With the economic cycle in the US and globally closer to the peak rather than the bottom, is the bottom about to fall out of the share market?

Share market and economic cycles are normal. There’s even an investment clock that charts the boom to bust cycle that can often characterise the peak and bottom of these cycles. While the US stock market is closer to its peak than the bottom of the economic and earnings cycles, it’s important to remember that other markets are at a different part of its cycle and can present opportunities.

Even with the US stock market, near all-time record highs, there are still opportunities for the nimble investor. Time frames for investing closer to the peak become shorter, especially if chasing growth.

Here in Australia, with the domestic economy slowing, the opportunities are in stable cashflow companies and global leaders, which should benefit as the $A falls.

US earning peaking

From a global perspective, China’s market could present some opportunities in 2019, with its cycle diametrically opposite to the US equity cycle. While US earnings growth and margins appear to be peaking, China’s share market looks to be close to a bottom and could therefore be worth considering for investors seeking global exposure.

We also like Japan as a turnaround story. On a macro level, the long period of deflation looks to have come to an end, productivity is improving and from a fundamental viewpoint, improved returns on equity are on offer for investors.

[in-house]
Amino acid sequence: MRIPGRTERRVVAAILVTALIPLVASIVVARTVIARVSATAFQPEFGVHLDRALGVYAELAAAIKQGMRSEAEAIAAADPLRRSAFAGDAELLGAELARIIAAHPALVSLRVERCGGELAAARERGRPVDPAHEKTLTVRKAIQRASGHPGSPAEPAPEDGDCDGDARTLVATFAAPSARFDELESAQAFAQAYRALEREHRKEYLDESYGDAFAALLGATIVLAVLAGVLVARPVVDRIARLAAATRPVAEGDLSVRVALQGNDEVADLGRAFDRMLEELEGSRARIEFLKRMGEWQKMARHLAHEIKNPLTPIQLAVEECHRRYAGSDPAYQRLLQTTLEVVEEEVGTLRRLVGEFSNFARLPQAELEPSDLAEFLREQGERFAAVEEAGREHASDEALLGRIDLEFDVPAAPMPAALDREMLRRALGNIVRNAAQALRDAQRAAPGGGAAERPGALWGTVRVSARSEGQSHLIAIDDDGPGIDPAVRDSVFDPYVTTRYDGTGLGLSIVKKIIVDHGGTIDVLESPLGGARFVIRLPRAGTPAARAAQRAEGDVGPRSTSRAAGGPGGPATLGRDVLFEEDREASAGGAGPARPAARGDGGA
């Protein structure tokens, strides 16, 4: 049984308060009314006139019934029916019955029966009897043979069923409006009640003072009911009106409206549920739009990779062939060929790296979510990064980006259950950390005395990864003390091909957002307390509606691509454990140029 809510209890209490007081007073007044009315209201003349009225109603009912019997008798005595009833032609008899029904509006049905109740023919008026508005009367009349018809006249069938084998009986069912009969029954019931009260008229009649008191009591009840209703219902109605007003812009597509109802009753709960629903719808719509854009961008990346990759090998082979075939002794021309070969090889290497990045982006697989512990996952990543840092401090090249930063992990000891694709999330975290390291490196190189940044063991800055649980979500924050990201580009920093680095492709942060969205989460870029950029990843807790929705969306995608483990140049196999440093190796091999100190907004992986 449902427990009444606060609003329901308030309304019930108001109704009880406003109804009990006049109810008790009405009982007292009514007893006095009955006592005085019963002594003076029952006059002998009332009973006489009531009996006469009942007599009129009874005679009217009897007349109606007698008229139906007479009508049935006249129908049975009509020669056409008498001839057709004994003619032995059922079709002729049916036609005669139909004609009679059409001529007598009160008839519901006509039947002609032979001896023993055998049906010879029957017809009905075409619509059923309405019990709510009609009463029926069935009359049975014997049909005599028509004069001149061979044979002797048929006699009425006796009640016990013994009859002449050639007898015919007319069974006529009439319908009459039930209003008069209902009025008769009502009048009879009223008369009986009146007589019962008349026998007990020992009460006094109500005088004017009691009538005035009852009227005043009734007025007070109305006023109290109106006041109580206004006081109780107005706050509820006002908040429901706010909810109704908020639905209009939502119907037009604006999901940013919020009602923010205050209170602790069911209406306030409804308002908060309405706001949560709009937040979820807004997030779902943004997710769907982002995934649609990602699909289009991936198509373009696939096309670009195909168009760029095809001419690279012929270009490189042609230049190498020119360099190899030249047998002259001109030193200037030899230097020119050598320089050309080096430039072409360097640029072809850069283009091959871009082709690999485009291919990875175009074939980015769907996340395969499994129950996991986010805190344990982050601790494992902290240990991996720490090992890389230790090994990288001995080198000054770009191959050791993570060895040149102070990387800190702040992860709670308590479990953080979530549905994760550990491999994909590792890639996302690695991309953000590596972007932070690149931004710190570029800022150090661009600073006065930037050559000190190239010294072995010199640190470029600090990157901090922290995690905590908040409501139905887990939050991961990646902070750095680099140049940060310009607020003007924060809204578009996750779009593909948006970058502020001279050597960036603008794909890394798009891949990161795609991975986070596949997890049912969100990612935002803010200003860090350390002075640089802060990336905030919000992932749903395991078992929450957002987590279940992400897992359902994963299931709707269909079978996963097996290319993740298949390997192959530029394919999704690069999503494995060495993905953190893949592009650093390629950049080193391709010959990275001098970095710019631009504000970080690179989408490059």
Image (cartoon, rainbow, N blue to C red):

Individual stock picking in foreign markets can be difficult, so for investors a simple option to gain broad market exposure can be via ETFs or mFunds. Our ETF Filter and mFund Filter can help sort through the array of options by asset class, sector, issuer and fees. 

Australian retail, housing and banks to suffer

Looking closer to home, Australia’s retail sector is already weak and there are indicators showing it’s unlikely to improve any time soon, with lower motor vehicle sales growth, falling house prices and money supply growth at a 26-year low.

With State and Federal elections slated over the next six months, investors will need to keep a close eye on consumer confidence, which tends to be timid ahead of major elections. Falling consumer confidence, tighter lending standards and the Reserve Bank of Australia’s reluctance to cut interest rates further, mean we are also likely to see house prices continue to fall nationally in 2019. Investors may therefore wish to consider remaining underweight housing stocks and banks.

Defensive stocks likely to see gains

The 2018 drought across Australia has seen many agricultural stocks fall. While a rebound in crop volumes is not likely to hit until 2020, 2019 will be the year to pick up some agricultural stocks at the bottom of the cycle.

In times of volatility, other defensive sectors to consider are telecoms, utilities, healthcare and staples.

My pick this week

Death volumes are the most significant driver of activity in the funeral industry. While morbid, early indications are that it’s going to be a big flu season this year. March 2019 numbers show over 10,000 reported incidents of influenza. This is three times higher than the same time last year. Propel (PFP) has a strong track record as the second largest funeral service provider in Australia. While much of the growth is through acquisitions and consolidating the market, it has a good track record of cash flow generation.

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